Gradual recovery predicted for Italian economy

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 ROME--Italian GDP increased moderately in 2016, with a yearly growth rate of 1.0 percent as compared to 0.7 percent in 2015. Recent indicators point to an ongoing but slow recovery in both 2017 and 2018. New political uncertainties may hinder the implementation of further reforms and, in turn, stronger economic growth.

 Italy’s debt-to-GDP ratio peaked in 2016 at 133 percent and the German-based rating agency Scopeexpects it to stabilise in 2017 and 2018 at levels slightly above 130 percent. The interest rate-growth differential is likely to benefit from low interest rates and primary surpluses are expected to remain in place despite the government’s Budget Law aimed at supporting economic recovery. In a low interest rate environment, GDP growth and primary surpluses will remain the key determining factors for Italian medium-term public debt dynamics.

 Real GDP grew by 0.2 percent in the fourth quarter of 2016, reflecting increasing business investment. Scope expects moderate economic expansion at around 1% to continue in 2017 and 2018. The lack of fiscal room, coupled with new political uncertainties, is likely to hinder the dynamics and sustainability of the recovery.

 Italy’s manufacturing sector output has grown by more than three percentage points since 2014. Such growth supports the country’s recovery as well as underscores the country’s role as the second-largest manufacturer in Europe and the seventh worldwide. However, production capacity has dropped in the aftermath of the global financial crisis and subsequent euro debt crisis.

 As in many Eurozone countries, Italy’s unemployment rates rose significantly during the crisis to over 10 percent of the workforce, with youth unemployment peaking at over 40 percent in 2013. Scope believes that further enhancement of labour market efficiency will continue to play a decisive role in improving Italy’s growth prospects.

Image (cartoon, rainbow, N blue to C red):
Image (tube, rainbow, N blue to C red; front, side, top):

“There is uncertainty surrounding the potential makeup of the new government that may emerge following the general elections scheduled for the spring of 2018. In Scope’s view, this may slow down economic recovery “stated Dr Giacomo Barisone, Head of Public Finance at Scope and author of the special comment.

 Banks’ non-performing loans are largely a legacy of the past and are unlikely, in Scope’s view, to lead to widespread bank failures or to weigh heavily on public finances. Although remaining a justified concern, asset quality trends have improved over the last several years, together with the economy. Banks have continued to work out their recapitalisation plans.

 Excluding 2009, Italy generated primary surpluses in more than 20 years, even during recessions. In Scope’s view, this is credit-positive as it signals Italy’s ability to service debt out of its own revenues. The government led by Paolo Gentiloni is expected to continue gradually reducing the deficit ratio. In this scenario, Italy’s debt-to-GDP ratio will start a slight downward trajectory in 2017 and 2018, following its peak in 2016. The high stock of public debt remains a vulnerability, despite Italy’s proven debt-servicing capacity, which continues to benefit from long maturities and a strong domestic investor base.

 Scope's Public Finance analysts discussed the special comment on Italy in a telephone and web conference call recently.